Three Stripes, You’re Out
Just a few weeks ago, one of my newest pilots was promoted to sergeant and transferred back to a patrol station. To Dave’s credit, he didn’t kick and scream, but he certainly mumbled a variety of words that I can’t spell, let alone print here. As for me, I was banging my head on the desk trying to figure out why it was necessary to banish a valuable pilot to District 3 patrol.
My department’s policy has generally been to keep officers in place through the rank of corporal. Once an officer passes the promotion process for sergeant, however, he or she traditionally is transferred out of specialty units (i.e.; Homicide, SWAT, etc.) and unceremoniously dumped into a patrol supervisor’s spot. Those already assigned to patrol duties when they make sergeant generally remain there.
The logic behind sending a brand-new sergeant back to the road does have a certain amount of merit. It is there, the "entry level" supervisor’s slot, that you learn the most about leadership in the shortest amount of time, due mostly to number of young, inexperienced officers there. Those kinds of lessons aren’t guaranteed with the hand-picked veterans found in most aviation units.
This is the problem many law enforcement aviators have: Get promoted and leave the aviation unit, or keep flying and forgo career advancement? Factor in a higher rank equaling a higher retirement salary and the situation gets even muddier. Of course, there is the possibility of getting promoted and returning to flying when a spot in that pay grade opens up, but that could take forever in some units.
From an aviation manager’s standpoint, keeping a pilot after he or she has been promoted is a no-brainer. In the case of Dave, I figure the department has about $60,000 invested in his training. (Had he not been my newest pilot, it would have been more.) He probably had $40,000 of his own money invested in flying. So we end up with $100,000 worth of pilot warming the seat of a patrol car.
Then there is the time issue. Of the 1,500 sworn officers in my department, there are no others who possess a commercial rotorcraft pilot’s license, or any kind of FAA pilot’s license, for that matter. In other words, there isn’t anyone on the horizon who could take Dave’s place anytime within the next two years, at the soonest. (And even if a qualified pilot were to show up in our academy, he would have to spend at least two years in patrol before he could be considered for a specialty unit.)
Finally, there’s the loss of experience, which one can only get by doing the job. Being a police pilot can only be learned one way: by being a police pilot.
All of this isn’t new. Every public-service aviation unit that uses sworn pilots has faced it. Out west, the Los Angeles Police Dept. has the same mind-set as mine: You get promoted, you go bye-bye. The folks working 2,824 mi. away in New York City’s police aviation unit have the same "three stripes, you’re out" policy.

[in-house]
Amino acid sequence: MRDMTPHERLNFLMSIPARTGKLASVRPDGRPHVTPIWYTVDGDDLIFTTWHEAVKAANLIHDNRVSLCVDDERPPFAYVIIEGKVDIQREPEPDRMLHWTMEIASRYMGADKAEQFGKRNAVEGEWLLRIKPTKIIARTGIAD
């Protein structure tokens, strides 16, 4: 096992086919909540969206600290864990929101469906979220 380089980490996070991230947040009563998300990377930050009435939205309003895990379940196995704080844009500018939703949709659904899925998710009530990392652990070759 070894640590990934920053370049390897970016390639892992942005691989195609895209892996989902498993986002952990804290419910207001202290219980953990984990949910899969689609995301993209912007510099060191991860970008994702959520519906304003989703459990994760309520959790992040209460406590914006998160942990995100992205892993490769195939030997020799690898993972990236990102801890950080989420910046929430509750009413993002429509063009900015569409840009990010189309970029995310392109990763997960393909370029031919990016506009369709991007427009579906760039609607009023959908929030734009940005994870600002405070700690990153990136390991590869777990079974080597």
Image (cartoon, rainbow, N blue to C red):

Between the City of Angels and the Big Apple lies DeKalb County, Ga., a 700,000-resident suburb of Atlanta. There, the police department’s Aerial Support Unit assesses the transfer of pilots on a case-by-case basis. If moving a pilot who just made sergeant will adversely impact the unit, the new sergeant gets to stay. Seniority is then sub-ranked among the sergeants based upon who made it first.
The Maryland State Police Aviation Div. has a different approach entirely. Its pilots used to be sworn troopers, but as promotions and retirements began depleting their flying corps, the state had to do something. Their answer was to hire civilian pilots who already had the credentials required to fly their AS365 Dauphins. Now, of the 50-something pilots they have, fewer than 10 are sworn. Some are actually retired sworn pilots (including a former lieutenant) who returned to fly as civilians.
Many agencies are making the shift from sworn pilots to civilian employees, and even contract pilots. It’s cheaper than paying the higher salaries that sworn personnel command, plus the department does not have to spend years developing a pilot in house. They also won’t get promoted out of the unit, because flying is what they hired for.
Going civilian, however, causes two problems–one for the agency, and one for sworn personnel. For the police department, a civilian pilot is a one-trick pony. They fly, no more, no less. They can’t be redeployed the way a badge-toting, gun-carrying policeman can. As for how the sworn people feel, a civilian is taking a slot that they (the sworn personnel) might want. Police unions across the country tend to see it the officers’ way, and lead the fight–sometimes successfully, sometimes not–to keep non-sworn people out of the hangar.
But for now, my department has a new patrol sergeant, my hangar has an empty pilot’s slot, and we aren’t set up to hire a civilian driver. What troubles me the most is that the only way "Sgt. Dave" can return is if my spot opens up. (And lately, he’s been seen tampering with the brakes on my car.)